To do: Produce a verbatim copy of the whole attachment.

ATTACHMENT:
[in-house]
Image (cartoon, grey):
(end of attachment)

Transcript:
[in-house]
Image (cartoon, grey):